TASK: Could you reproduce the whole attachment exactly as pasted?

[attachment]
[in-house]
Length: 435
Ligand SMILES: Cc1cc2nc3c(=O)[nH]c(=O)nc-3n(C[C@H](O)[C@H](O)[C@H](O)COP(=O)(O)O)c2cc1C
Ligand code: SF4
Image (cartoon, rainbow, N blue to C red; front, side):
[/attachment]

[in-house]
Length: 435
Ligand SMILES: Cc1cc2nc3c(=O)[nH]c(=O)nc-3n(C[C@H](O)[C@H](O)[C@H](O)COP(=O)(O)O)c2cc1C
Ligand code: SF4
Image (cartoon, rainbow, N blue to C red; front, side):